The Raspberry Pi I2C pins are GPIO 2 and GPIO 3:

  • SDA: GPIO 2
  • SCL: GPIO 3

If you want to use I2C, you need to enable the I2C communication interface first.

Raspberry Pi SPI Pins

SPI stands for Serial Peripheral Interface, and it is a synchronous serial data protocol used by microcontrollers to communicate with one or more peripherals. This communication protocol allows you to connect multiple peripherals to the same bus interface, as long as each is connected to a different chip select pin.

For example, your Raspberry Pi board can communicate with a sensor that supports SPI, another Raspberry Pi, or a different microcontroller board. These are the Raspberry Pi SPI pins:

  • MOSI: GPIO 10
  • MISO: GPIO 9
  • CLOCK: GPIO 11
  • CE0 (chip select): GPIO 8
  • CE1 (chip select): GPIO 7

Raspberry Pi Serial (UART) Pins

The UART pins can be used for Serial communication. The Raspberry Pi Serial (UART) pins are:

  • TX: GPIO 14
  • RX: GPIO 15

Raspberry Pi PWM Pins

PWM stands for Pulse Width Modulation and it is used to control motors, define varying levels of LED brightness, define the color of RGB LEDs, and much more.

The Raspberry Pi has 4 hardware PWM pins: GPIO 12, GPIO 13, GPIO 18, GPIO 19.

You can have software PWM on all pins.

Learn how to generate PWM signals with the Raspberry Pi:

Raspberry Pi ADC Pins

The Raspberry Pi doesn’t have any ADC pins—it doesn’t include an analog-to-digital converter. So, you need to convert the analog signal to a digital signal using an analog-to-digital-converter like the MCP3008 chip.

Being able to read analog signals is useful to read varying voltage levels from a potentiometer or sensors, for example.

Learn how to read analog signals with the Raspberry Pi with the following tutorial:

Raspberry Pi One-Wire Pins

The Raspberry Pi supports one-wire on all GPIOs, but the default is GPIO4.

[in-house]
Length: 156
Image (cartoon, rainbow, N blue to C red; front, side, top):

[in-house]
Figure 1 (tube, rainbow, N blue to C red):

Raspberry Pi PCM Pins

The Raspberry Pi comes with PCM (pulse-code Modulation) pins for digital audio output. These are the PCM pins:

  • Din: GPIO 20
  • Dout: GPIO 21
  • FS: GPIO 19
  • CLK: GPIO 18


Pins 27 and 28 (GPIO 0 and GPIO 1) are reserved for connecting a HAT ID EEPROM. Do not use these pins unless you’re using an I2C ID EEPROM. Leave unconnected if you’re not using an I2C EEPROM.

Wrapping Up

We hope you’ve found this guide about the Raspberry Pi GPIOs useful.

One of the easiest ways to control the Raspberry Pi GPIOs is using Python and the gpiozero library. We’ll create some tutorials about how to use the GPIOs soon. So, stay tuned.

You may also like:

You can check all our Raspberry Pi projects on the following link:

We have other guides about the ESP32, ESP8266 and ESP32-CAM GPIOs:

Thanks for reading.

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4 thoughts on “Raspberry Pi Pinout Guide: How to use the Raspberry Pi GPIOs?”

  1. I’m not sure which library is better for Raspberry Pi 5, gpiozero or lgpio. I tried both and decided to go with LGPIO, whatever. In my opinion, it would be good if the Phyton GPIO library queries whether it is a BM2711 or RP1 and addresses the libraries in the OS accordingly. I’m currently working on creating board classes for the Raspberry versions where the GPIO chip can be set.
    Thank you for your inspiring contributions.